Data Center Developer Flexential Begins Major U.S. Expansion With New Atlanta Project
Data center developer Flexential is planning to dramatically expand its data center footprint with new construction in the coming years, and it is kicking off the push with a big project in the Atlanta market.
The Charlotte-based colocation provider began construction on a 150K SF, 22.5-megawatt data center in Douglasville, Georgia, and Flexential executives tell Bisnow it is the first step of an aggressive national growth strategy.
The company plans to build around 93 MW of data center capacity by the end of next year, more than four times the 19 MW it built between 2019 and 2021.
“We’re going to deploy 33 MW this year. Next year we’re targeting 60, and it’s going to be at that higher level moving forward,” Flexential Chief Operating Officer Ryan Mallory told Bisnow. “We’ve talked about some other markets — we have a strategic game board that we continue to focus on, and we will continue to expand in existing markets and new ones as well.”
The push comes after Flexential in December raised $2.1B through a securitization offering, a deal the company said was the largest asset-backed securities issuance in the history of the data center industry.
According to Mallory, the new Douglasville facility will be fully built out and ready for deployments at its full capacity by the end of the year. Initial tenants will include software as a service firms already under contract with Flexential, although company officials predict demand will be driven by large public cloud providers that need so-called edge deployments in the range of 2 to 5 MW.
Power will be provided by hyperlocal utility GreyStone Power Corp. Renewable energy will account for less than half the power supplied to the Douglasville site. But as Bisnow has reported previously, data centers have become a key driver of renewable energy development in Georgia, particularly through partnerships with hyperlocal utilities like GreyStone.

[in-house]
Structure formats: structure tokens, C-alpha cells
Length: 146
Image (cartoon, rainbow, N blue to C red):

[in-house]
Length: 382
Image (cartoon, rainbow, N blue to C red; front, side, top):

With existing legacy data centers in the nearby communities of Alpharetta and Norcross, power cost and availability were the driving site selection factors pushing Flexential to Douglasville, Mallory said.
As is typical in data center development, Flexential’s site selection process also weighed fiber connectivity, tax incentives and land cost. Mallory said the company also paid close attention to economic growth trends within the Atlanta market to find sites close to emerging commercial hubs and potential customers who value both physical access to the data centers and the low latency created by proximity to their servers.
“We start looking at marketwide GDP growth, and then, within the market, we look at it on a micro-level: Where are the people going, and where are businesses investing?” Mallory told Bisnow. “This site ticked all the boxes.”
In addition to new development in Atlanta, Flexential just completed construction on a 36 MW facility in the West Coast data center hub of Hillsboro, Oregon, and significantly increased the capacity of its Denver-area data center. Mallory said it is planning more development in the 19 North American markets where Flexential already has a presence.
“In all of our existing markets that are top 10 markets for growth, we have a focus on expansion,” Mallory said. “We’re watching them closely, and like in Atlanta, when we find the right type of property with the right type of partners, we move forward with it.”
Flexential’s expansion in the coming months will likely also include development in new regions, particularly smaller second- and third-tier markets, Mallory said.
Although company officials declined to provide specific locations, Mallory said there are seven specific markets the company is “actively pursuing." He said these are regions where existing customers have asked for additional infrastructure or where potential tenants have been identified. The bulk of these tenants would be hyperscale cloud providers in need of smaller edge deployments.
Finding appropriate locations for new data center development in these smaller markets can be a challenge, Mallory said, as property owners, utilities, builders and other local partners are less familiar with the industry and the intricacies of data center site selection. But with demand surging and colocation providers looking to pull the trigger once the right site becomes available, Mallory said CRE professionals in emerging data center markets should be familiarizing themselves with the industry if they want to be able to take advantage of what is likely to be a wave of providers looking for places to build.
“Make sure you're getting close to companies like Flexential that are operating in the Tier 2 or Tier 3 markets,” he said. “All of us are active right now looking for partners.”